Thursday, October 12, 2017

Court Reconsiders the Law on Exclusive Occupancy of the Marital Residence

Interesting analysis by Justice Dollinger on the issue of "exclusive occupancy" in L.M.L. v H.T.N., from October 3, 2017

"In this court's view, the "strife/available relocation" test, previously used by New York's courts, is based on an analysis of the conflict between the parents as it impacts the parents. The courts applying the "strife" test focus on whether the parents should be able to cope with the strife and, if parents can (or should be able to), then exclusive use and possession is not required. Merely invoking the word "strife" to describe an admitted level of domestic abuse and inappropriate behavior - and not excluding either party from the residence - may allow the "strife" to simmer into a higher level of disruptive behavior if the couple continue to be in close proximity while sharing the residence. Whether the parents can tolerate the strife or "petty harassments" ignores the more significant factor: whether the children, often without mature understandings of adult interactions and looking to their parents for examples of mature behavior, can tolerate the same level of "strife."What some characterize as "petty harassments" - caustic verbal exchanges, vulgarity, put downs- may be tolerable between two unhappy and divorce-seeking adults, but it is corrosive when overheard by children and directed against a parent they love. The deleterious impact of easily perceived intra-family verbal assaults, foul language and other demeaning behavior on children requires more discerning criteria as the standard for granting exclusive use and possession. In this case, it is undisputed that the children have already endured - and may have learned - he demeaning and destructive conduct of their parents.[FN10] Regardless of the party at fault, the consequence - verbal violence directed against a parent and observed by the child - erodes the child's sense of home life. By denying this application and doing nothing - sending the parties back to the neutral corner so to speak in the home - sends the wrong message to the parents and the children and, in this court's view, sends message contrary to the direction of the state Legislature. Without court intervention, the parents may assume that their behavior is permissible to the court: the children may assume that such behavior is acceptable within a family. Neither conclusion is in the best interests of the family unit."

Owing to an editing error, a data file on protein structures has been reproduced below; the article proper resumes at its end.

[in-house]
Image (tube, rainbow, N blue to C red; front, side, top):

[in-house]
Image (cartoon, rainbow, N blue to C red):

Thursday, August 31, 2017

Webinar: "Effective Courtroom Advocacy: Successful Oral Argument At the Trial and Appellate Levels"

AAML Webinar Registration is now available for "Effective Courtroom Advocacy: Successful Oral Argument At the Trial and Appellate Levels" presented by Steven D. Stark! The link is at

Friday, August 25, 2017

Court issues interim decision on public kindergarten vs private Yeshiva

The parties disputed placement of their five year old daughter in a kindergarten in either a private Yeshiva or a public school. A hearing was held and father testified the child should continue her religious private school education, stating he would pay all costs. Mother stated, while she kept a Kosher household to appease her husband's parents, she disputed the family's level of Judaism, and argued for enrolling the child in a public school district near where she resided. The court stated its posture regarding a religious upbringing of a child was of non-interference. Yet, where, as here, it was determining which parent shall have educational decision-making regarding the child, not opining on the level of Judaism practiced or whether private or public school was in the child's best interests, it stated it recognized that any decision made herein may change after a full custody trial, if warranted. It indicated there was a possibility the child may attend one school this year and a different one next year. Thus, the main question was if the child will fall behind her classmates regarding her religious studies if she were to attend public school, and the court answered in the affirmative, concluding father should have educational decision making authority until further court order.

Appellate Court Affirms Limits to Benefit Claims for In Vitro Children

From the New York Law Journal: MacNeil v. Berryhill

In vitro fertilization using a deceased father as the donor doesn't make the children born later eligible for Social Security benefits, the U.S. Court of Appeals for the Second Circuit affirmed Thursday.
The panel of Judges John Walker Jr., Debra Ann Livingston, and Gerard Lynch in MacNeil v. Berryhill, 16-2189-cv, said U.S. District Judge Gary Sharpe of the Northern District of New York got it right when he agreed with an administrative law judge that New York State law precluded children born to a deceased parent—after that parent's death—from qualifying for Social Security Administration benefits.

Thursday, August 17, 2017

AAML Webinar On Courtroom Advocacy: September 20, 2017

I am producing a webinar on September 20, 2017 for the American Academy of Matrimonial Lawyers on "Effective Courtroom Advocacy." Great for newly admitted as well as experienced attorneys.

Tuesday, July 18, 2017

Wednesday, January 18, 2017

From NYSBA Family Law Review: "The Ongoing Dilemma of Parental Alienation"

"The Ongoing Dilemma of Parental Alienation" by Lee Rosenberg

Add caption